The court found that the former board members were not acting in good faith. They pre-orchestrated the early termination of the AGM and in effect tried to use their refusal to accept the democratic will of the majority of owners as a reason to appoint an administrator. On the issue of costs and who was responsible for them, the court found that it would be unfair to have the majority of residents who opposed the arbitrary measures of the former board pay for their actions out of the corporation's funds. The court held that the "former board members were in effect the true litigating parties" and held the five former board members personally responsible, jointly and severally, for the costs incurred.

The court stated that the board members' behaviour had been "deliberate, egregious and required sanction" and that granting full indemnity costs would be the only way to prevent the unit owners from being unfairly penalized. S. 38 (2) of the Condominium Act provides that when board members have been found to have acted in bad faith they are not entitled to be indemnified by the corporation.

This decision should remind board members that they cannot use court proceedings to thwart the rights of unit owners. As the fourth level of government, boards must respond to their constituents in a reasonable and "honest" manner.

Newsletter Tip #1 - Condominium Corporation's Budget

A condominium corporation's budget should be developed methodically, by taking into account past budgets and financial statements. Every budget line should be reviewed to ensure the most realistic and reasonable budget. Where an anticipated expense has not arisen in the past, professionals and/or contractors should be contacted to obtain an estimate of the likely cost. Guess work should be avoided as much as possible. Boards and managers must also budget for the use of expert services such as engineers and lawyers. These are often annual costs which many boards do not allow for in their planning.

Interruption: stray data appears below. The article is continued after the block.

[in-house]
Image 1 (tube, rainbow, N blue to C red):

Newsletter Tip #2 - Accessibility for Ontarians with Disabilities Act

Condominium corporations would be wise to ensure that the engineers incorporate any necessary common element accessibility modifications into their next reserve fund studies, as this may be required by the Accessibility for Ontarians with Disabilities Act, 2005 ("AODA"). AODA requires that condominium corporations use reasonable efforts to remove physical barriers to access. In our view, it would be unreasonable to require a condominium corporation to carry out common element modifications immediately, without consideration to the corporation's finances and its reserve fund study. However, as AODA is relatively new legislation, it is possible that "reasonable efforts" may be interpreted by courts to mean that condominium corporations should develop a plan for the future funding of barrier-removal modifications to the common elements over a reasonable period of time. It is expected in the new Condominium Act, that these measures will be acceptable Reserve Fund expenses.

The content of this article is intended to provide a general guide to the subject matter. Specialist advice should be sought about your specific circumstances.

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Audrey M. Loeb, LSM, B.A., LL.B., LL.M